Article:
Table 10. The optimization results with single objective.

In addition, by comparing the membership function and target value of the three targets, it can be seen that the optimal values of multiple objective functions are in conflict with each other, and it is impossible to obtain the optimal values at the same time. However, it can be found that there is a correlation between network cost and network labor quantity. The number of labor created by the network increases with the increase of network cost. This is because the increase in cost is mainly caused by the production capacity, the number of facilities opened and the corresponding production technology changes, and the above network will inevitably create more employment opportunities. There is no obvious correlation between network carbon emissions and network cost and employment opportunities, but its function value changes with the change of the two. In addition, by building the membership function, the decision-maker can set θ value according to the enterprise’s own situation, so as to obtain the network planning scheme with the greatest overall satisfaction.

Sensitivity analysis of model parameters

In this paper, important parameters are selected for sensitivity analysis, so that the model can be optimized and adjusted more finely and accurately. Through parameter optimization, the model can be analyzed and corrected to improve the overall efficiency and accuracy of the network. The important model parameters are selected from the indicators respectively, and the parameters of the same category are integrated. In the case of keeping the other parameters unchanged, the value of each parameter is within the range of [-20%, 20%] and the step size is 5% value change, the objective function value of the model is calculated separately, the selection of important parameters is shown in Table 11, and the calculation results of model parameter sensitivity are shown in Table 12.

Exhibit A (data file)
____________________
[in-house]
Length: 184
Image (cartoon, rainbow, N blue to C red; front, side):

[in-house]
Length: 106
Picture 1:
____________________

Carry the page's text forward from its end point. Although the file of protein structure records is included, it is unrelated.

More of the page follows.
Table 12. Model parameter sensitivity calculation results.

It can be seen from Table 12 that in the process of calculating the sensitivity of each important parameter, by changing the parameter value range, the value of the objective function is indeed improved or decreased., the sensitivity of environmental and social indicators. After calculation, among the parameters corresponding to economic indicators, the maximum sensitivity is 9.13%, the minimum sensitivity is 2.78%, and the average sensitivity is 5.96%; among the parameters corresponding to environmental indicators, the maximum sensitivity is 4.5%, the minimum sensitivity is 1.58%, The average sensitivity is 3.04%; among the parameters of society, the maximum sensitivity is 5.63%, the minimum sensitivity is 5.45%, and the average sensitivity is 5.54%.